A link between vision problems and schizophrenia is well known, with as many as 62 percent of adult patients with the disorder experiencing some kind of visual distortions involving form, motion, or color.
Now researchers say tracking changes in the eye’s retina may help doctors provide more effective treatment for people with the disorder.
Researchers reported on and summarized multiple, replicated indicators of eye abnormalities in schizophrenia in a literature review published in the journal Schizophrenia Research: Cognition.
They describe a widening of small blood vessels in the eyes of schizophrenia patients, and in young people at high risk for the disorder, perhaps caused by chronic low oxygen supply to the brain—which they said could explain vision changes and signal disease risk and progression.
Researchers also found a thinning of the retinal nerve fiber layer, known to be related to the onset of hallucinations and visual acuity problems in patients with Parkinson’s disease.
“Our analysis of many studies suggests that measuring retinal changes may help doctors in the future to adjust schizophrenia treatment for each patient,” says study coauthor Richard B. Rosen, an ophthalmology professor at the Icahn School of Medicine at Mount Sinai’s New York Eye and Ear Infirmary.
“More studies are needed to drive the understanding of the contribution of retinal and other ocular pathology to disturbances seen in these patients, and our results will help guide future research.”
Blindness and schizophrenia
For the new paper, researchers examined the results of approximately 170 existing studies and grouped the findings into multiple categories, including changes in the retina compared with those in other parts of the eye, and changes related to dopamine compared with those related to other neurotransmitters, key brain chemicals associated with the disease.
Interestingly, the analysis uncovered no reports of people with schizophrenia who were born blind, suggesting that congenital blindness may completely or partially protect against the development of schizophrenia.
Because congenitally blind people tend to have cognitive abilities in certain domains (such as attention) that are superior to those of sighted individuals, understanding brain re-organization after blindness may have implications for designing cognitive remediation interventions for people with schizophrenia.
Additional research is needed to clarify these relationships, with the goals of better predicting emergence of schizophrenia, and of predicting relapse and treatment response and people diagnosed with the condition.”
The findings also showed abnormal electrical responses by retinal cells exposed to light (as measured by electroretinography), suggesting possible cellular-level differences in the eyes of schizophrenia patients.
Vision has been understudied in schizophrenia, and studies of the retina and other ocular structures in the disorder are in their infancy, says coauthor Steven M. Silverstein, director of the division of schizophrenia research at Rutgers University Behavioral Health Care and Robert Wood Johnson Medical School Department of Psychiatry.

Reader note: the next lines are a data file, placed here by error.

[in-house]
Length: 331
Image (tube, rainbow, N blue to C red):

“Because it is much faster and less expensive to obtain data on retinal structure and function, compared to brain structure and function, measures of retinal and ocular structure and function may have an important role in both future research studies and the routine clinical care of people with schizophrenia.”
Silverstein, S.M. & Rosen, R. (2015). Schizophrenia and the eye. Rutgers University. Retrieved from: http://www.schizrescognition.com/article/S2215-0013(15)00008-6/abstract
Although visual processing impairments are common in schizophrenia, it is not clear to what extent these originate in the eye vs. the brain. This review highlights potential contributions, from the retina and other structures of the eye, to visual processing impairments in schizophrenia and high-risk states. A second goal is to evaluate the status of retinal abnormalities as biomarkers for schizophrenia. The review was motivated by known retinal changes in other disorders (e.g., Parkinson’s disease, multiple sclerosis), and their relationships to perceptual and cognitive impairments, and disease progression therein. The evidence reviewed suggests two major conclusions. One is that there are multiple structural and functional disturbances of the eye in schizophrenia, all of which could be factors in the visual disturbances of patients. These include retinal venule widening, retinal nerve fiber layer thinning, dopaminergic abnormalities, abnormal ouput of retinal cells as measured by electroretinography (ERG), maculopathies and retinopathies, cataracts, poor acuity, and strabismus. Some of these are likely to be illness-related, whereas others may be due to medication or comorbid conditions. The second conclusion is that certain retinal findings can serve as biomarkers of neural pathology, and disease progression, in schizophrenia. The strongest evidence for this to date involves findings of widened retinal venules, thinning of the retinal nerve fiber layer, and abnormal ERG amplitudes. These data suggest that a greater understanding of the contribution of retinal and other ocular pathology to the visual and cognitive disturbances of schizophrenia is warranted, and that retinal changes have untapped clinical utility.